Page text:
(Greek: Θούλη, Thoúlē; Latin: Thule, Tile) A mystical, ancient, far-northern location described in classical literature that is variously assumed to represent Ireland, Norway, Iceland, Greenland, etc, all of which are mistaken. Virgil used the word Thile in Georgics 1.30 to mean "furthest land" as a symbolic reference to denote a far-off land or an unattainable goal. The astronomer Geminus of Rhodes said that the name Thule derived from an archaic word for the polar night, meaning "the place where the sun goes to rest." In truth, Thule refers to the ancient land of Polaris, the continent inhabited by the polar race, the first human race on this planet, many millions of years ago.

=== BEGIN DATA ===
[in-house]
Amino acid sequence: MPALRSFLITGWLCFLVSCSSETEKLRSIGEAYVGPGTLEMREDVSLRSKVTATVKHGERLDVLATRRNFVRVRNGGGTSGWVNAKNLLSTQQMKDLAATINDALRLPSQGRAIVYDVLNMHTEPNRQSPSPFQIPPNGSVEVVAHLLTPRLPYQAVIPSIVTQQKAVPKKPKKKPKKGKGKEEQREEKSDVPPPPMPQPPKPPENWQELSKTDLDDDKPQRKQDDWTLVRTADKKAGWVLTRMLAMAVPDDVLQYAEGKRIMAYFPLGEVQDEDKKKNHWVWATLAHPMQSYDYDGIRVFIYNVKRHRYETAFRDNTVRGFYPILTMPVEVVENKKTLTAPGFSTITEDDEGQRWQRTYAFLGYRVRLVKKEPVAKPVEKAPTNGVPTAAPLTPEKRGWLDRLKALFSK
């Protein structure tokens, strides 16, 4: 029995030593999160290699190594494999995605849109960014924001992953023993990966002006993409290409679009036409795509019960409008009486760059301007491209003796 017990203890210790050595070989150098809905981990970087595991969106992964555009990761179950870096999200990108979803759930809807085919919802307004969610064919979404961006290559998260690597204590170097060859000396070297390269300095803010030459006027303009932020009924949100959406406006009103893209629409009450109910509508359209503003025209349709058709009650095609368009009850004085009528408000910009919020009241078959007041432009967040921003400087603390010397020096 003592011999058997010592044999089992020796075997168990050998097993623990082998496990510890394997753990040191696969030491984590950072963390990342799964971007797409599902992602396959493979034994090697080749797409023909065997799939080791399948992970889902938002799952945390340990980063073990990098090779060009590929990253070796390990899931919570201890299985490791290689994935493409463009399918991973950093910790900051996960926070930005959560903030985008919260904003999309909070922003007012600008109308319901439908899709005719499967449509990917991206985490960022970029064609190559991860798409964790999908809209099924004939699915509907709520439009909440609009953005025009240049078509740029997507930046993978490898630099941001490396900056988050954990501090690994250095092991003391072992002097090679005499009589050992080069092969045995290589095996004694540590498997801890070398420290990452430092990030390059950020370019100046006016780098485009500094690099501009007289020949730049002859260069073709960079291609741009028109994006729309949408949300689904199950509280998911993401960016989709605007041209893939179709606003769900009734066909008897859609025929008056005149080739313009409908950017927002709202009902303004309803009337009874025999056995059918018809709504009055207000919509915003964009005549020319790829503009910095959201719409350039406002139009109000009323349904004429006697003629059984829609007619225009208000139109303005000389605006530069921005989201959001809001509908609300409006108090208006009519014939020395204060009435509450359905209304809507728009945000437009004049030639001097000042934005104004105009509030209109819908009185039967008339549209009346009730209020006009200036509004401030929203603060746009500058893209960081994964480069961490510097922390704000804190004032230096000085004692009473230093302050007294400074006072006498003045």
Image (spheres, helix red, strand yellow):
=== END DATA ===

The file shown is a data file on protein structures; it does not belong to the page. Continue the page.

"Extraordinary, charming Tula [of the Aztecs] is indeed nothing more than the Scandinavian Thule, about which the golden verses of the great Seneca speak, beyond the confines of this world..." —Samael Aun Weor, The Secret Doctrine of Anahuac


"Whosoever imitates does not learn; whosoever imitates becomes an automaton, and that is all... A mind that knows only how to imitate is mechanical; it is a machine that functions but is incapable of creating, that does not know how to truly think, because it only repeats, and that is all."